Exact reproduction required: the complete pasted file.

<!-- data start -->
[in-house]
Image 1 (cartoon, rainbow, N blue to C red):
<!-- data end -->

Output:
[in-house]
Image 1 (cartoon, rainbow, N blue to C red):